Dance like no one is watching
Popular television shows such as Strictly Come Dancing and Britain's Got Talent have given some Britons the perfect opportunity to get down and throw some moves. But have they inspired you to take to the floor?
It’s one of the best forms of exercise for mind and body
Let’s hope so, because twirling round the room offers more than public humiliation. First, it’s good for your health. “It’s one of the best forms of exercise for mind and body,” says Arlene Phillips, choreographer and children’s author.
Dr Peter Lovatt, reader in dance psychology at the University of Hertfordshire (and no mean twinkle-toes himself), agrees. “Dancing to a beat improves mood, vigour and social togetherness,” he says. It can even sharpen your thinking. “Experiments in our lab show that structured dancing helps people do sums faster. And 20 minutes of improvised dancing improves creative problem-solving.”
We studied 14,000 people and found that at 40, women’s dance confidence was far higher than men’s—but by 60, the positions are reversed
So why don’t we do it? “Men who don’t dance feel self-conscious, while women say they don’t know what to do,” claims Lovatt, who sets out his research online. Age comes into it, too. “We studied 14,000 people and found that at 40, women’s dance confidence was far higher than men’s—but by 60, the positions are reversed.” He found that older men have much neater moves and have given up the flailing associated with the “dad dancing” of their forties. And, critically, it’s easier for men to find a partner.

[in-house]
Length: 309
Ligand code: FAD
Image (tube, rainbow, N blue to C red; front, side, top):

But women shouldn’t let that hold them back. A look in any nightclub shows singles, groups and couples jigging about. Belly dancing, tap, ballet, line dancing and flamenco are partnerless, while a ceilidh embraces all ages. If you want a partner, sign up to a community website or go to a class and see what gives. “Most will find a partner for you,” says Arlene.
Or just take to the floor. “We get couples to chat while dancing freestyle and mirror each other’s movements to get rid of psychological blocks,” says Lovatt. “You don’t need to learn steps. You just need to relax.”